Bubble wrap no.27 (Black Resilience), 2022. Archival Pigment Print, 48x44 in. frame 51x47 in. Courtesy of Paris Koh Fine Arts and the artist
Bubble wrap no.27 (Black Resilience), 2022. Archival Pigment Print, 48×44 in. frame 51×47 in. Courtesy of Paris Koh Fine Arts and the artist

The extreme realism of the figures, made possible exclusively by the camera, creates a marked shift in vision and contrast in feeling compared with the artificial material. The hybrid combination pushes the boundaries of imagination to the limits of belief by asking the viewer to consider two distinctive means of image-making that are especially provocative in the Bonsai pieces. The human elements of the Bonsai group diverge from the realm of evocative reality into a fully blown rendition of female anatomy. This effect overtakes the natural suggestiveness of the bio-forms. The bright supporting colors of the backgrounds and the tree “leaves” transport the works into a heightened non-naturalistic environment that speaks to an unconscious need for reverie and celebration by rejoicing in life’s ever changing vocabulary of experiences.  

Bubble wrap no.25 (Merman), 2021. Archival Pigment Print, 60x34 in. frame 66x40 in. Bubble wrap no.27 (Black Resilience), 2022. Archival Pigment Print, 48x44 in. frame 51x47 in. Courtesy of Paris Koh Fine Arts and the artist
Bubble wrap no.25 (Merman), 2021. Archival Pigment Print, 60×34 in. frame 66×40 in. Bubble wrap no.27 (Black Resilience), 2022. Archival Pigment Print, 48×44 in. frame 51×47 in. Courtesy of Paris Koh Fine Arts and the artist

The male and female underwater fish figures that glide through the depths with tail fins and tendrils swirling behind, provide a lush sense of the buoyant ephemeral character of underwater existence.  Nothing is static or rigidly fixed; every aspect of deep-sea life as seen in the photographs moves and undulates perpetually, beckoning us to escape our inflexibility and rejoice in life. The “Bubble wrap no. 21 (Jellyfish)” piece entices the viewer to realize the nature of the Id which can cause us pleasure and pain with its insistent desire and consequent burning sting. The warm enveloping range of light and dark red-orange tones in the “Bubble wrap no. 23 (Mermaid)” photograph stirs a sense of both water and fire, while the deep blue hues of the “Bubble wrap no. 25 (Merman)” expand our consciousness by presenting cool realms where a freshly created being, the Merman, dominates. “Bubble wrap no. 27 (Black Resilience)” presents a trio of naked men grouped crouching on a mountain peak, where ominous clouds hover overhead.  The men express their ascendency by relating to each other with outstretched arms, having conquered their worldly challenges.  

Bubble wrap no.21 (jellyfish), 2021. (Behind the scenes series). Bubble wrap no.27 (Black Resilience), 2022. Archival Pigment Print, 48x44 in. frame 51x47 in. Courtesy of Paris Koh Fine Arts and the artist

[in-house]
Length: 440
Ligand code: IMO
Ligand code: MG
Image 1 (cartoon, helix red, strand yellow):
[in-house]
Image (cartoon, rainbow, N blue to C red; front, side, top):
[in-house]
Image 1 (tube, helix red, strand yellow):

Bubble wrap no.21 (jellyfish), 2021. (Behind the scenes series). Bubble wrap no.27 (Black Resilience), 2022. Archival Pigment Print, 48×44 in. frame 51×47 in. Courtesy of Paris Koh Fine Arts and the artist

The “Behind the scenes” series of 10” x 10” (frame 15” x 15”) gelatin silver prints gives the viewer insights into River’s creative working process by providing varying possibilities that add to the richness of the final visions, as seen in the large pieces. Here the Merman and Mermaid photographs have lights that suggest planets in the darkened “sky,” to provide a cosmic or otherworldly dimension to these new forms. The three male figures in “Bubble wrap no. 27 (Black Resilience)” seem to be resting from a difficult struggle, contemplating their current position.  The standing figure appears to be the chief in charge (River himself) who makes the fatal decisions.

These pictures are strange and beguiling; River has created unique narratives that touch the realm of fairytales peopled with creatures who may initially alarm us, but who ultimately stir our awe, empathy, and curiosity.  He works intuitively, allowing the exploration process to spark his engagement, providing unconscious ideas and relationships that augment each other. River takes photographs before he assigns theoretical underpinnings to his endeavors.  He focuses on what is unfolding in the “now,” moment by moment. This extreme commitment infuses the hybrid works with authenticity; the imagery may initially seem contradictory as the nude body reveals all its forms in contrast with the abstracted structures of the re-purposed bubble wrap, transformed into tree leaves, clouds, fish scales and flying or floating ephemera. By creating these diverse means of expression River takes the photographic genre into a more creative arena using wire, a flashlight and bubble wrap to augment the lush beauty of the nude figures. The artist considers the series “bizarre yet fun,” but it goes further than fun, it introduces the viewer to a surprising universe of visual ideas in artificial scenes that open unexpected doors to future explorations. These ideas have acquired their own ingenious reality.

What the…? Jerry Kearns at Studio Artego

by D. Dominick Lombardi

Shade (2020), Jerry Kearns, acrylic on canvas, 72 x 60 inches